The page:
Nutshell: Finding Dory is a little bit crazier, a little bit goofier, and maybe even a little more heavy-handed than its predecessor. But it’s still got its heart in the right place, and plenty of positive messages mixed in with the fun. Kids will love it, and adults will find themselves LOL’ing right along with them. Grade: A-
What’s it like to lose your family? Well, Finding Nemo gave kids of all ages a peek at what that’s like, without all of the Bambi heartbreak. Oscar-winner Andrew Stanton (Wall*E, Finding Nemo) delivers another gorgeous look at how important our connections with others are in this world with Finding Dory. Is it as good as WALL*E or Finding Nemo? Well, WALL*E is one of my all-time favorite films, so that’s a pretty high bar to clear. So why don’t I just say that Finding Dory is a fun bit of slapstick rolled around a sweet center of love, family and friendship. Plus, there’s some killer animation here. *
Did I say killer animation? I did, and I meant it; Dory takes the adorable, iconic look of Nemo and cranks it to eleven. I’m talking actual scales on Nemo and Marlin. Effortless-looking movement for the
octo septopus Hank (the awesome Ed O’Neill). And absolutely breathtaking views of schooling fish both in the sea and at a huge “open ocean” aquarium.
Yep, aquarium. In case you haven’t seen the trailers for Dory, the basic story is simple; Dory (voiced by Ellen DeGeneres), a Blue Tang who suffers from short-term memory loss, has a sudden flash of memory about her parents. She’s determined to find them, but in order to do that, she’ll need help. Cue Nemo (newcomer Hayden Rolence) and his dad Marlin (Albert Brooks)! Can they get Dory to “The Jewel Of Morro Bay”? Spoiler: you betcha. What about finding her parents? Well, that’s a spoiler I won’t spoil, but the trip includes sea lions and a crazy car chase lead by an octopus…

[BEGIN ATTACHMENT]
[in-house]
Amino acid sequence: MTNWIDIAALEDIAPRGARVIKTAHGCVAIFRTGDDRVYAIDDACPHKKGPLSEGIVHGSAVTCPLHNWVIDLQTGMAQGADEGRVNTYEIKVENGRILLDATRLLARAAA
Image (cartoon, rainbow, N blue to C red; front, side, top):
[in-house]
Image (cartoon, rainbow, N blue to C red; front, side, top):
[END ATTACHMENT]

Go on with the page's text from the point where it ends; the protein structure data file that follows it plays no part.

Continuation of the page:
Finding Dory covers a lot in its 97 minutes. Family, loss, the importance of connection, environmental responsibility (Dory gets tangled up in a 6-pack holder, the bane of the ocean’s existence), friendship, and trying your best. It also touches on not judging a book by its cover, especially when it comes to those who look or think differently from you. A lovely sentiment to get out to the crowds, no matter what their ages.
I could go on and on about the breathtaking animation, sound editing – especially regarding Bailey the Beluga Whale (Ty Burrell) and Whale Shark Destiny (Kaitlin Olson) – film editing, and how the voice actors here really got their characters across. But let’s just say it’s a great film to take the kiddies to, and a really good time no matter your age. I will say that if you can swing it, pop for the 3D IMAX. The animation is wanna-get-up-close good.
* BTW, make sure you get to the theater in plenty of time to catch the Disney Pixar animated short, Piper. Not only is the star one of the cutest things I’ve ever seen in the history of ever (that’s saying a lot, kiddies), but the animation is spectacular. Next-level amazing. Almost-put-Dory-in-the-shade perfection. Place your Oscar for Best Animated Short bets now, people. I’m callin’ it.